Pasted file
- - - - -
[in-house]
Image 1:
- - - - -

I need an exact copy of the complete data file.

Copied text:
[in-house]
Image 1: